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Meet Iran’s First Female Manufacturer, Who Is A Victim Of President Donald Trump

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Meet Iran’s First Female Manufacturer, Who Is A Victim Of President Donald Trump: She fought through a male-dominated world to become perhaps Iran’s first female manufacturing boss and was on the cusp of significant success with the help of a European investor.

Meet Iran’s First Female Manufacturer, Who Is A Victim Of President Donald Trump

Iran's First Female Manufacturer

Until Donald Trump brought her crashing back to earth.

When Leila Daneshvar was a little girl, she used to sit on the floor of her father’s workshop, asking for small jobs.

He was a mechanic, and I always had the most fun when I was in the garage with him, she tells AFP.

But in those days, there were no mechanical careers in Iran, so I went to college in India. Even there, I was the only girl in my year of 139 students. I had a hard time.

But she persevered. Now 37, she runs her own company in Iran, making mobility equipment for hospitals and the elderly.

I went to Europe and saw how disabled people live happy, independent lives. I wished my people had this equipment, and I thought. It does not look complicated. I am a mechanical engineer I can do it.

The breakthrough for the company is called KTMA and selling under the brand “Lord,” came in the early year 2016, just after Iran’s nuclear deal with world powers came into force, lifting international sanctions.

Within a couple of months, a Swedish investor, Anna Russberg, had agreed to buy 25 percent of the company, bringing much-needed business acumen and capital.

Leila had a reputation for quality production, which was practically unknown here. But I needed to turn the business upside-down, says Anna.

It worked. People can tell we were a right mix. We respect each other’s knowledge. She is the engineer, and I am the businesswoman.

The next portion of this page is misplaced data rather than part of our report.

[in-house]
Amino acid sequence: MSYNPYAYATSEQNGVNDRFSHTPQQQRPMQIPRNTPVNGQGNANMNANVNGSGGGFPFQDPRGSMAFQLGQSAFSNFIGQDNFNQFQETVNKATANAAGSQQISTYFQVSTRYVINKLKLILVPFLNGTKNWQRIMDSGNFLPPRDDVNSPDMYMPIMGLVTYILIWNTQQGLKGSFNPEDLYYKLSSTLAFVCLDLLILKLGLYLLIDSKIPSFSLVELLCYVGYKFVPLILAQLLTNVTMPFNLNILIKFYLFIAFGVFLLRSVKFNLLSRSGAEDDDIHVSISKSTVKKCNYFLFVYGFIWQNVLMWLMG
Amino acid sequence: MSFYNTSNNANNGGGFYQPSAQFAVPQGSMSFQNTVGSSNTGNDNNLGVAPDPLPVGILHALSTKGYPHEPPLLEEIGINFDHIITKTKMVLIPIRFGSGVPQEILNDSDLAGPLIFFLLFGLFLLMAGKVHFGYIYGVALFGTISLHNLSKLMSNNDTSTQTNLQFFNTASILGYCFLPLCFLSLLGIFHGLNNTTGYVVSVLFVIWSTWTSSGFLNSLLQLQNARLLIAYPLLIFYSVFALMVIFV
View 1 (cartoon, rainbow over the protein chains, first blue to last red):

Being women in Iran’s patriarchal business world can be tricky, but also an advantage.

Hijab is difficult when you are a manufacturer. You have to climb things, go below items, says Leila, laughing.

But being a woman has its advantages. Everyone remembers you.

Anna is adding People don’t know how to treat us accurately, which is useful in negotiations.

Things were looking up low production costs meant they could charge five times less than foreign firms, and they were doubling sales each year, finally landing a major contract with Qatari hospitals.

Even before he pulled the US out of the nuclear deal, the American president’s constant threats to re-impose sanctions had a chilling effect on trade.

It soon became hard to import critical raw materials, mainly stainless steel.

We already had problems in getting raw materials, and now it is impossible.

Either I have to close the factory, or have to continue with much higher prices, says Leila.

We had to let four or five workers go last month because we can not pay their salaries, and it breaks my heart.

She watched Trump deliver his speech on May 8, reimposing sanctions on Iran, with a mix of horror and fury, particularly when he claims to be on the side of the Iranian people against their government.

That made me so angry. These sanctions are not on the government; it is on the people. I can give less to disabled people, to the elderly.

Our saying was that we are providing European quality at an affordable price. Can I do that anymore? I don’t know.

Anna remains defiantly positive.

Iran has 10 million older or injured people who can use our product. With or without Trump, we still have a business, she says.

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